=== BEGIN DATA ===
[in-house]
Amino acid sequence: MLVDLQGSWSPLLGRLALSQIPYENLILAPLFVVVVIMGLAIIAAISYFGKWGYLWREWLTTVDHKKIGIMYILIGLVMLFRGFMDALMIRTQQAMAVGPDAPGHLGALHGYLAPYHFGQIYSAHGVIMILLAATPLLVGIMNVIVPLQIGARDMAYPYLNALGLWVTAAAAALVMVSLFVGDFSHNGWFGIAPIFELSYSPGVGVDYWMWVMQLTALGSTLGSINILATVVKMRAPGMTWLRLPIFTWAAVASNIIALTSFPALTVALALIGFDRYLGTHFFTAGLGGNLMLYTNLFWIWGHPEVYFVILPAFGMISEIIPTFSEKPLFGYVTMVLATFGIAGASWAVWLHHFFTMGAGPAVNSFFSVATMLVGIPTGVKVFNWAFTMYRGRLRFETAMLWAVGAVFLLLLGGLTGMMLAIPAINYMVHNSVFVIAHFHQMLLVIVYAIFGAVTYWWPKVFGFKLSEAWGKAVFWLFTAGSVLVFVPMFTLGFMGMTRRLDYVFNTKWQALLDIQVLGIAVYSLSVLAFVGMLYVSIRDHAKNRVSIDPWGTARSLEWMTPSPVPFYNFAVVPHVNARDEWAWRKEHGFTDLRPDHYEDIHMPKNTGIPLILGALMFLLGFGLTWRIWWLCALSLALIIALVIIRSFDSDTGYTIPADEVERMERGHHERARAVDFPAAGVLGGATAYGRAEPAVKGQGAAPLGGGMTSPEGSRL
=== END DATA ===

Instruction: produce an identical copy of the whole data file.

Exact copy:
[in-house]
Amino acid sequence: MLVDLQGSWSPLLGRLALSQIPYENLILAPLFVVVVIMGLAIIAAISYFGKWGYLWREWLTTVDHKKIGIMYILIGLVMLFRGFMDALMIRTQQAMAVGPDAPGHLGALHGYLAPYHFGQIYSAHGVIMILLAATPLLVGIMNVIVPLQIGARDMAYPYLNALGLWVTAAAAALVMVSLFVGDFSHNGWFGIAPIFELSYSPGVGVDYWMWVMQLTALGSTLGSINILATVVKMRAPGMTWLRLPIFTWAAVASNIIALTSFPALTVALALIGFDRYLGTHFFTAGLGGNLMLYTNLFWIWGHPEVYFVILPAFGMISEIIPTFSEKPLFGYVTMVLATFGIAGASWAVWLHHFFTMGAGPAVNSFFSVATMLVGIPTGVKVFNWAFTMYRGRLRFETAMLWAVGAVFLLLLGGLTGMMLAIPAINYMVHNSVFVIAHFHQMLLVIVYAIFGAVTYWWPKVFGFKLSEAWGKAVFWLFTAGSVLVFVPMFTLGFMGMTRRLDYVFNTKWQALLDIQVLGIAVYSLSVLAFVGMLYVSIRDHAKNRVSIDPWGTARSLEWMTPSPVPFYNFAVVPHVNARDEWAWRKEHGFTDLRPDHYEDIHMPKNTGIPLILGALMFLLGFGLTWRIWWLCALSLALIIALVIIRSFDSDTGYTIPADEVERMERGHHERARAVDFPAAGVLGGATAYGRAEPAVKGQGAAPLGGGMTSPEGSRL